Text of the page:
After breakfast of a quick yogurt and coffee near the hotel, I set out to deliver my husband to the airport. Here’s a tip for you – make sure you know which terminal your airline flies from at CDG in Paris because if you miss it the first time it takes 15 minutes driving in circles to find it again!
I was so sad to see my husband leave and be alone in France – for my next solo travels, I’ll be certain to travel alone first and have my husband meet me for the second half. I drove from CDG to Louviers, and uneventful drive along the highways outside of Paris. Once in Louviers I had to call the hotel to get directions. The woman spoke no English and the man was willing to speak to me in Italian, but my brain wouldn’t make the adjustment after 10 days hearing French.
It never occurred to me that nothing would be open in Louviers on Sunday at lunch time, so on the advice of the cooking school instructor I drove to Acquigny, a tiny town a couple miles away with an old chateau and for some reason several high end restaurants. I stepped into La Table du Bearnais and found it full of families having Sunday dinner, so I dined alone at a table for 5 that was set with roses tucked into the napkins.
Creme Brulee l’Aliyette – in between an onion custard and a creamy soup, served with salad and 3 slices of meat that I think is a type of bacon
Filet de Bar – sea bass gorgeously presented skin side up (I just can’t get into the skin!) with garlic mustard sauce made with vermouth, risotto served in a tiny ring of zucchini slices, small mushrooms, a piping of potatoes Dauphinois, and peas.
Delice de D’Artagnan – specialty dessert of the house, an orange flavored mousse with creme brulee style caramelized sugar on top, served with caramel sauce and ice cream flavored with baking spices.
The poor woman serving be must have thought I was a reporter with all of the notes I was taking, so she kept bringing me menus and other information about dining in Normandy, and was distressed I didn’t eat everything.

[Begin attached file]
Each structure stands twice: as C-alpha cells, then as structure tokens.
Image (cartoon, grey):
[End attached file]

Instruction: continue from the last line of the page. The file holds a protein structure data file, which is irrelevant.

I returned to my hotel and zonked for a little while in front of CNN (did you know they get new news only every 3-4 days?) then had a brisk walk about town for a half hour to revive myself before heading to On Rue Tatin for the opening dinner for our cooking class which consisted of myself, Sue (retired, her husband Doug would join just for the meals), Vicki (from CA, her husband would meet her to go to Bordeaux at the end of class, and Silvestro (an Italian-American who now lives in Lecce, Puglia and runs a cooking school there called The Awaiting Table). Everyone seemed to get along and we were all excited for the week.
Susan Herrman Loomis author of French Farmhouse Cooking and the memoir On Rue Tatin, opened the school a few years ago in her home in Louviers, a 500 year old former convent. Here’s the big spread from the first night:
Orange Wine Aperitif (excellent, recipe in her cookbook)
Olive & Parmigiano Sweet and Savory Crackers
Fresh Spring Pea Soup with just a touch of cream
Roast Guinea Hen with Citrus served with roasted new potatoes and roasted garlic
Salad du Jardin with walnut vinaigrette (the first of many flavored oils we would try)
Artisinal Cheeses from Normandy (at this point I was totally into the swing of having cheese after most dinners)
Rhubarb Tart with sliced strawberries that had been cooked in butter.
Dinner conversation was lively – the wine industry, changes in the cookbook publishing world, Susan getting divorced, and the food we were eating. Time for bed – first lesson at 10am the next day!